In angioplasty procedures, a balloon is fed through a catheter and used to prop open an artery that has become narrowed or blocked. In cases where stenting is appropriate, a stent mounted on a balloon is inserted and inflation of the balloon expands the stent against the blocked artery wall to hold the vessel open. The balloon is then deflated and the catheter is withdrawn. Stent treatment of arteries holds them open and improves blood flow to the heart. In cases where post-dilatation is needed, a high-pressure balloon is inflated inside a stent to help better place the stent against the vessel wall.
Dartmouth Medical School cardiology researchers have discovered a new mechanism for what drives the growth of muscle tissue in the lining of injured heart vessels that can eventually lead to blockage.
Results of a randomised trial in this week’s issue of THE LANCET suggest that a more aggressive approach involving coronary angioplasty soon after anticlotting medical therapy is safe and could offer a better prognosis than more conservative treatment for patients who have had heart attack.
New German research from Heidelberg University suggests that moderate drinking cuts the rate of further narrowing after surgery to open blocked arteries. The findings are published in the current issue of Heart.
Psychological recovery after a heart attack or angioplasty may be delayed if patients’ spouses feel even more anxious or depressed than their ill partners, researchers say.
The U.S. Food and Drug Administration has approved a stent for use in opening blocked arteries in the neck. The new stent is intended to prevent stroke by treating blockages in the carotid artery, the main blood vessel leading to the brain.
The study of 1,821 patients from Olmsted County, Minn., who had heart attacks between 1982 and 1998 and survived to go home from the hospital, found that nearly half (48 percent) of the deaths within three years of hospital discharge were attributable to not participating in cardiac rehabilitation.
Elderly people who undergo surgery or angioplasty to treat chest pain fare just as well long-term as those treated with medication, researchers report in Circulation: Journal of the American Heart Association.
Early cholesterol-lowering drug therapy after hospitalization for acute coronary syndrome appears to reduce artery-clogging plaque, according to a study reported in Circulation: Journal of the American Heart Association.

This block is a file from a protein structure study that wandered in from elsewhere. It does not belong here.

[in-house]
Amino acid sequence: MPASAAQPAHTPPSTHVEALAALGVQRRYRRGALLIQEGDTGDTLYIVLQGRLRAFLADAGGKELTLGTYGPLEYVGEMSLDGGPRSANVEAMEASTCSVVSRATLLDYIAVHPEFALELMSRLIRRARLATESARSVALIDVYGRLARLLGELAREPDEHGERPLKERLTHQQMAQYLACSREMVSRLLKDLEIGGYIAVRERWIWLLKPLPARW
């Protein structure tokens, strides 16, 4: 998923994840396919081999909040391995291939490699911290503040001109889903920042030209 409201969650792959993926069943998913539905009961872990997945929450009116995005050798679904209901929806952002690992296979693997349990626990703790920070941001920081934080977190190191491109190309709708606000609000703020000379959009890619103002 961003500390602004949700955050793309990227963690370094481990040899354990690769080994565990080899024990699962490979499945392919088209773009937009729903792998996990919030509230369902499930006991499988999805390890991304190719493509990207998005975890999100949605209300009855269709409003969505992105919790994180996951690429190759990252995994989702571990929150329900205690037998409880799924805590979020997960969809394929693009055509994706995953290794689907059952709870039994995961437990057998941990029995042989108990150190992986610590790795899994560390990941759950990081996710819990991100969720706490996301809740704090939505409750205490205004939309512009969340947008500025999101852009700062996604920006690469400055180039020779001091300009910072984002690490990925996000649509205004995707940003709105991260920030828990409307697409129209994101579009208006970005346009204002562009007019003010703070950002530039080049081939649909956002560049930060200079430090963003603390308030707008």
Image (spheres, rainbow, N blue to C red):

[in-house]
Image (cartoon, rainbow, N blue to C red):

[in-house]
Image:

With the help of snake venom and sophisticated laboratory testing, scientists believe they've uncovered the reason why a group of new heart medications were doing some patients more harm than good.
A pooled analysis of 11 previously published trials provides evidence that drug-eluting stents (DES)—increasingly used in coronary angioplasty—have benefits over bare-metal stents (BMS) by reducing the need for later revascularisation and reducing the risk of cardiac events
Myogen has announced that the United States Food and Drug Administration has granted orphan drug designation to ambrisentan for the treatment of pulmonary arterial hypertension (PAH).
Early intervention with a novel kind of "smart gene therapy" might effectively prevent the organ damage commonly suffered by heart attack victims, suggests a new animal study by researchers at Brigham and Women's Hospital in Boston and Duke University Medical Center.
Instead of threading catheters from the femoral artery in the groin, cardiologists can safely use the radial artery in the arm to gain access to coronary arteries for angioplasty, stent placement, and other procedures
Ultrasound measurements of the volume of the left atrium taken soon after a heart attack can help physicians predict a patient’s five-year mortality rate, according to a new study in the July 21, 2004 issue of the Journal of the American College of Cardiology.
The National Cholesterol Education Program (NCEP) has updated its guidelines for treatment of blood cholesterol, suggesting that people at risk for heart attack and stroke would benefit from more intensive cholesterol-lowering therapies.
Results of a randomised trial in this week’s issue of THE LANCET suggest that the transfer of adult stem cells derived from bone marrow could improve cardiac functioning after heart attack.
Repeating balloon angioplasty and/or stenting procedures to open narrowed arteries in elderly patients may add more than $700 million a year to Medicare expenses, according to a report in today’s rapid access issue of Circulation: Journal of the American Heart Association.
An investigation of how blood flows through stents after opening clogged arteries has led a team of researchers at the Medical College of Wisconsin Cardiovascular Center in Milwaukee to suggest that stents designed with thinner and fewer linkages may be the basis of a new generation of stents.
It's a no-brainer that the brain needs a constant supply of blood to keep it going. But some medical conditions can block or reduce that life-giving flow. Whether it's a stroke, a clogged artery or a brain tumor, any situation where blood can't get to the whole brain can lead to death or permanent disability.
Branch points in the arteries are a common area of atherosclerotic disease, resulting in the occlusion of both branches. These branch points can generally be defined as a main branch and a side branch, and, in treating the disease, the question of what is the optimal course of action, opening the main branch, the side branch, or both, remains uncertain.